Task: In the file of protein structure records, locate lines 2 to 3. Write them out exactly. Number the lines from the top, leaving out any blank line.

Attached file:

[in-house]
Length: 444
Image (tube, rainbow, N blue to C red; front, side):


Length: 444
Image (tube, rainbow, N blue to C red; front, side):